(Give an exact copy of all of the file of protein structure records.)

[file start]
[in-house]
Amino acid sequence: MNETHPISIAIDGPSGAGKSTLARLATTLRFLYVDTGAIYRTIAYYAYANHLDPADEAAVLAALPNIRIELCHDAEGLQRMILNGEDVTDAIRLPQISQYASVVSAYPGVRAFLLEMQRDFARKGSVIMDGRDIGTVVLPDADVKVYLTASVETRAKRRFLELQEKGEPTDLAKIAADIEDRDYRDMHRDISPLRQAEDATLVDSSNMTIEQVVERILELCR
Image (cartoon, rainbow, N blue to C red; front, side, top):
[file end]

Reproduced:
[in-house]
Amino acid sequence: MNETHPISIAIDGPSGAGKSTLARLATTLRFLYVDTGAIYRTIAYYAYANHLDPADEAAVLAALPNIRIELCHDAEGLQRMILNGEDVTDAIRLPQISQYASVVSAYPGVRAFLLEMQRDFARKGSVIMDGRDIGTVVLPDADVKVYLTASVETRAKRRFLELQEKGEPTDLAKIAADIEDRDYRDMHRDISPLRQAEDATLVDSSNMTIEQVVERILELCR
Image (cartoon, rainbow, N blue to C red; front, side, top):